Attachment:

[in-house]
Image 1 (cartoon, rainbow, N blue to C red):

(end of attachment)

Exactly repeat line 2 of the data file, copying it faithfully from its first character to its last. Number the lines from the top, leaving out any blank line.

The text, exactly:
Image 1 (cartoon, rainbow, N blue to C red):